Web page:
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Gay Marriage Amendment Seen Eroding Current Rights

By Matthew Mosk
Washington Post Staff Writer
Wednesday, February 1, 2006; B01

The sponsor of a constitutional amendment to ban same-sex marriage in Maryland undermined his cause by drafting a proposal that would also eliminate rights long afforded to gay men and lesbians, lawmakers on both sides of the debate said yesterday.

The "breathtakingly vicious scope of this amendment is such that it strips away existing protections for citizens of Maryland who happen to be gay," said Del. Luiz R.S. Simmons (D-Montgomery) as members of the House of Delegates waded into the emotional debate over same-sex marriage.

Simmons said the proposed amendment, submitted by Del. Donald H. Dwyer Jr. (R-Anne Arundel), would nullify local laws in Montgomery County and Baltimore that allow gay public employees to extend health benefits to their partners and to own property jointly. A law professor later said Dwyer's proposal was "so incoherent and sloppy" that it could inadvertently outlaw divorce.

Dwyer told the House Judiciary Committee that he had not intended to "take away any rights that are currently granted" and that he would welcome amendments to correct that.

One Republican leader said a bill with simple language would have been stronger. " 'Marriage involves one man, one woman.' That would have done it," said the lawmaker, who asked not to be named because he did not wish to publicly criticize a member of his caucus.

The questions about the proposed amendment came during the legislature's first committee hearing on the subject, which lasted seven hours and drew hundreds of spectators, more than 225 of whom sought to testify. The crowd was so boisterous at times that extra troopers from the Maryland State Police were brought in to ensure calm. Dozens waited for hours in the outdoor chill for a chance to sit in the packed hearing room.

The vast majority trekked to Annapolis to support the proposal, which, if approved by three-fifths of the lawmakers, would appear on the November ballot.

Dwyer, who has offered the measure in past years, said it took on a degree of urgency after a Baltimore Circuit Court judge ruled Jan. 20 that Maryland's 33-year-old law banning same-sex marriage is discriminatory and "cannot withstand constitutional challenge." The judge immediately stayed the decision pending an appeal.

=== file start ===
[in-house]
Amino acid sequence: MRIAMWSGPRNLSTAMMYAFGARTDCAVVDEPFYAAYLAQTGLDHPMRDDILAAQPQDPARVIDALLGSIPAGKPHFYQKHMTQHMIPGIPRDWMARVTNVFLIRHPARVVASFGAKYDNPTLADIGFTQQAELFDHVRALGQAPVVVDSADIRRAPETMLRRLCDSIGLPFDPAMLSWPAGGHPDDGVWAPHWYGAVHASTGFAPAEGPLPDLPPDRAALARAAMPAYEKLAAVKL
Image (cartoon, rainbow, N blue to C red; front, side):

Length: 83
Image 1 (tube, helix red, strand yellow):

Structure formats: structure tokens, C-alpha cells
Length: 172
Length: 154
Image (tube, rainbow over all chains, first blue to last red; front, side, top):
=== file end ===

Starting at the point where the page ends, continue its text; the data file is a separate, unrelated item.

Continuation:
Democratic lawmakers have said the legislature should wait until higher courts rule before putting a measure on the ballot. Gov. Robert L. Ehrlich Jr. (R) urged the legislature Monday to give the amendment "full deliberation."

As yesterday's hearing approached, a network of at least a half-dozen religious and other organizations sent out thousands of e-mails urging members to attend.

Several in the crowd held Bibles. Many wore pins advertising a marriage protection Web site.

Those who got seats in the hearing room were treated to a wide-ranging debate on judicial authority and constitutional law. They saw firsthand the tensions that surface when issues as personal as religion and sexual orientation collide with the political process.

Dwyer began his presentation by attempting to recite the Declaration of Independence, before he was cut short by Chairman Joseph F. Vallario Jr. (D-Prince George's). Dwyer said he would resist the call from House leaders to wait for the state's high court to rule.

"What you're asking me to do is put my faith and trust in the Maryland Court of Appeals, and I cannot do that," he said.

Robert P. Duckworth, the Anne Arundel County court clerk who has made his name conducting marriage ceremonies, pounded his fist on the table as he told lawmakers that their failure to respond now would "turn the institution of marriage on its head."

The crowd cheered as he vowed to resist any request by a same-sex couple to marry in his courthouse.

At another point, a delegate asked the executive director of the gay rights group Equality Maryland whether he believed that laws and rights came from God. Dan Furmansky replied, "I believe I am a child of God . . . so the answer to your question is yes."

A smaller group of advocates of same-sex marriage gathered outside with signs of protest. Kate Klos, a clinical social worker, took off work to attend, saying she hopes someday to marry her partner. She wore a rainbow-colored cross, saying it's important to remind people that not everyone who is devout opposes same-sex marriage.

Inside, some religious leaders made the same point, urging lawmakers to distinguish between marriages recognized by the church and the responsibility of the state to provide what Rabbi Sarah Meytin called "full civil equality."

Civil rights was at the core of arguments made by the state's NAACP chapter and the state's AFL-CIO representative.

Elbridge James, the NAACP chief, said his group would view a constitutional ban as a return to the 1860s, the 1870s and the 1920s, "when African Americans lost their rights."

But it was Jamin B. Raskin, an American University law professor, who returned to Simmons's avenue of attack. The bill, Raskin said, "wildly overshoots the mark" by eliminating basic rights available to gays now. He called it the first amendment of its kind since Prohibition specifically aimed at taking away rights, instead of advancing them.

"This bill would turn the Bill of Rights into a bill of wrongs," he said.

The House committee is expected to vote on the proposal as early as this week. If it does not clear the committee, the ban's supporters say, they will deploy a parliamentary maneuver to try to force a vote on the House floor.

Staff writers Ann E. Marimow and Robert Barnes contributed to this report.

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